In 1921, Claude Caver applied for a special permit from the city and screened the very first drive-in movie in downtown Comanche, Texas. Cars parked bumper-to-bumper to screen silent movies from their vehicles. It was the birth of an American icon.

"First drive-in theater Camden NJ 1933" by Unknown - Retrieved October 24, 2014 from Electronics magazine, McGraw-Hill Publishing Co., New York, Vol. 6, No. 8, August 1933, p. 209 on Google Books. Licensed under Public Domain via Commons - https://commons.wikimedia.org/wiki/File:First_drive-in_theater_Camden_NJ_1933.jpg#/media/File:First_drive-in_theater_Camden_NJ_1933.jpgYears later, Richard M. Hollingshead Jr. experimented with speakers mounted behind a screen nailed to the tree in his back yard. He measured the distance sound traveled, and determined the size and spacing that cars would need for a clear view of the screen. In 1933, Hollingsworth opened the country’s very first drive-in movie theater in Camden, New Jersey on a 40 ft by 50 ft screen.

The concept quickly caught on around the country and the technology of outdoor movie projection slowly progressed. In 1935, the Pico Drive-In in Los Angeles attempted to improve sound quality by mounting speakers in front of every parking spot. "Elm Road Drive-In Theatre" by Jack Pearce from Boardman, OH, USA - Elm Road Drive-In Theatre. Licensed under CC BY 2.0 via Commons - https://commons.wikimedia.org/wiki/File:Elm_Road_Drive-In_Theatre.jpg#/media/File:Elm_Road_Drive-In_Theatre.jpgIn 1941, RCA introduced speakers with individual volume controls which could be removed from their mount and placed in the car. At the peak of drive-in culture in the 50s and 60s, drive-in theaters accounted for nearly 25% of the movie industry.

By the 1990s, drive-in theaters had dwindled to a niche market dominated by independent films. New advances in technology began to cut the costs of operation, and outdoor movie projection enjoyed something of a resurgence driven by nostalgia. Nowadays, drive-in patrons enjoy high-fidelity stereo sound broadcast directly into their car’s stereo system and ultra-bright reflective screens. Technology continues to advance; digital projection and massive LED jumbotrons have once more brought this form of American culture to a turning point.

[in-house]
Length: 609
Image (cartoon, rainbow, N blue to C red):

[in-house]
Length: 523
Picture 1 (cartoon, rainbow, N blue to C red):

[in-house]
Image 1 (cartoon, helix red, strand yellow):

screen 1 at dusk

The Holiday Drive-In opened its first screen in 1955 and is now one of the oldest American drive-in theaters still in operation. We built a second screen in 1980 and have enjoyed tremendous community support since then. We’ve been able to grow slowly, adding screens 3 and 4 in 1992 and building screen 5 in 1995.

We’re on the brink of an exciting new step forward. We’ve been able to make the transition to digital projection and add a sixth screen opening for the 2016 season. We’ve got more space than ever before, with more movies to screen and more room to enjoy them in comfort. Come on out and watch a movie with us; bring the whole family and enjoy some summer fun under the stars!

sign see you next summer


Summer Fun Under the Stars